Nearly everyone has a mother-in-law story. I encourage everyone to remain independent and in their own homes. This doesn’t mean they can’t participate in outside functions, attend family activities or have special outings with friends. A little help is all others need.
Does aging have to be depressing? Why does aging have to be so lonely? Why don’t we value life experiences of others and listen to history from the sources of others who have been there?
My mother-in-law was born in 1910. You can only imagine all the changes that occurred between 1910 and 2006. I won’t go into detail here, but she was delightful to spend time with, but there are many sides to any story.
I had the advantage of not being her offspring. Hence, I had a different perspective than her children. I will not discount any thing her offspring has said, except that they are all entitled to think and feel as they did about their childhood for whatever reason.
I called my mother-in-law “mom”. She died at the age of 96 at our home and until her last week was independent with her self-care and all her life decisions. She read daily, loved romance novels, worked crossword puzzles, exercised, ate well and maintained her own checkbook and finances. She was in control.
Our dog became her companion and her “best friend”. She regretted never having a dog. We all have some regrets in life.
Mom moved in with us in 2003. She told everyone “If I knew you were this bad I would not have moved in.” It really crushed mom to see what life was like after traumatic brain injury. She was clueless, but so are many. This was a perfect example how things can appear “normal”, until you get a closer view from the inside. It’s simply the truth about an invisible injury.
As I struggled to exist I continued aquatic exercise daily. Mom found the ride pleasurable. She talked about the beauty of scenery, the lovely ride, people she was meeting, and life was looking good to her. She found the warm water aquatics soothing to her aged body, and healing for her soul. I wanted her to embrace her new life and experience things she could not do living alone 60 miles away.
She was threatened by her healthcare providers after a fall that they would put her in a nursing home. This was a woman who was doing well with an exception of age-related problems. Balance is frequently an issue with age causing falls. Since falls are a safety risk, the healthcare professionals can intervene and they told her such.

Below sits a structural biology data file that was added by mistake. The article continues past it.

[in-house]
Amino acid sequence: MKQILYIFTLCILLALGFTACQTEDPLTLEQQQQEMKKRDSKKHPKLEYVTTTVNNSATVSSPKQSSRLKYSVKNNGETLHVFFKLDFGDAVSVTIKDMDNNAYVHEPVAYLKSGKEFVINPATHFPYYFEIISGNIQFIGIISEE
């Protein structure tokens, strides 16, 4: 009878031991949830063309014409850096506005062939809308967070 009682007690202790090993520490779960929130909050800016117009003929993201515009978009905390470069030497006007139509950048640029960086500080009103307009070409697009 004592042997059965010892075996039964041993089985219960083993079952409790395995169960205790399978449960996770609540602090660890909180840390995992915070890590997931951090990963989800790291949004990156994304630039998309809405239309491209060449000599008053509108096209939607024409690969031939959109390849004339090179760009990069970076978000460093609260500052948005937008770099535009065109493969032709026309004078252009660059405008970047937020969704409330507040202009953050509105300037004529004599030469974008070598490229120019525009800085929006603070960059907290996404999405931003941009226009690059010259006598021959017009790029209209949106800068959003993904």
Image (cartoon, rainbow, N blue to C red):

With that statement she had to make some drastic decisions, and it was devastating for her to leave her home that my in-laws built together and relocate. The one thing she knew she wanted some control of her destiny and a nursing home was not in her plans.
Mom was known to wear a pink helmet everywhere. After living with us for a short time she feared ever having a brain injury. It certainly wasn’t a life she wanted to live and she took precautions to avoid a brain injury.
We bought her a beautiful pink helmet and she wore it diligently in the house and outdoors. I’m not sure others ever understood her message wearing the helmet. Her message was simple “You don’t want to have with a brain injury … I live with someone who does!”
Whenever I did hear her tell anyone and she would engage me in conversation I would change the subject. I always looked good around her. After all she was in her 90’s and me in my 40’s. She didn’t walk fast, and either did I. I could barely walk. Why would anyone think it was me being slow? Of course they would have thought she was the slow walker. Truth is, we both were.
Anyway, when I went to aquatic exercise mom went along. She had her exercise too. Now, this was a woman who did not know how to swim and feared water. She learned a lot in her final years of life.
If her memory slipped her and she wasn’t sure where she was going I would have her laughing. It was always the same thing, but maybe different versions.
I frequently told her she was going for a job interview so “dress the part”. I would joke with her and tell her the government said they would be stopping her social security income because they expect everyone to die before they reach 80.
Jokingly: I would tell her we received a letter from the government stating she needed to look for employment because she was 95 and she was breaking the system of her $750.00 a month check because of her longevity. She needed to work another 30 years and retire again before she could continue social security income.
Believe me, we had plenty of laughs! She said she laughed more in the years she lived with us than her entire life. I found that sad!
I also needed to help her get through some difficult times living with us and learning what life really was like after having a serious brain injury. She was clueless, but I wouldn’t have let on to anyone anyway. I didn’t reveal any of my problems, except to a couple very close people. Otherwise, everything appeared wonderful!
I needed to keep my focus. I was working with my daughter as she struggled with her problems with mild cerebral palsy, seizure disorder and a number other diagnosis of her lifetime. Mother’s don’t get sick or get hurt … they just keep on, keeping on!
My mother-in-law promised if she died before me she would send me help from heaven. If I wasn’t a believer before, I would be now. I did finally get help and improved with treatment. That is a miracle, after nearly two decades … I’m back!
- Gilroy teen’s traumatic brain injury affects entire family (mercurynews.com)
- Brain injury survivor works hard to give back (vicnews.com)
- Mom’s concussion leads writer to research in neuroscience (pri.org)
- Many adults have brain injuries from abuse as baby (radionz.co.nz)
- How to train your brain to handle injury (futurity.org)